House Speaker Paul Ryan (R-WI) acknowledged Monday that the GOP’s long-held goal of repealing and replacing Obamacare would take time and involve some kind of “transition” to ensure that Americans are not “worse off” after President Barack Obama’s signature health care program is dismantled.
“Clearly there will be a transition and a bridge so that no one is left out in the cold, so that no one is worse off,” Ryan told the Milwaukee Journal Sentinel. “The purpose here is to bring relief to people who are suffering from Obamacare so that they can get something better.”
The House Speaker recently listed addressing Obamacare as one of his top four priorities for the new Congress, but his comments to the Journal-Sentinel suggest that replacing this complex legislation may not be done quickly.
“It will clearly take time. It took them about six years to stand up Obamacare. It’s not going to be replaced come next football season,” Ryan said.
Ryan told the newspaper that Congress will hold a repeal vote next year, but that what comes next remains unclear.
Some conservative firebrands, like Rep. Trent Franks (R-AZ) and Sen. Ted Cruz (R-TX), have advocated for repealing the law immediately and then figuring out an alternative plan. Other GOP lawmakers, like Senate Majority Whip John Cornyn (R-TX) and Sen. Shelley Moore Capito (R-WV), have cautioned that a slower approach will be needed.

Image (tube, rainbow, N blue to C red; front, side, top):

Health care policy experts previously told TPM that a repeal passed without a replacement bill lined up would cause massive disruption in the insurance industry, harming both Obamacare users and consumers in the broader market.
Ryan rejected their conclusions, telling the Journal-Sentinel that “there is nowhere to go but up with respect to Obamacare,” which is “failing and failing quickly.”
Only one in four Americans recently polled by the nonpartisan Kaiser Family Foundation said they want to see a full repeal of the law.
Both Ryan and Trump have both expressed support for keeping popular Obamacare provisions including prohibiting insurers from denying coverage to patients with pre-existing medical conditions and allowing children to stay on their patients’ health insurance plans until they’re 26. But they have not publicly addressed how the popular Obamacare provisions can be maintained without the less popular provisions that make them possible.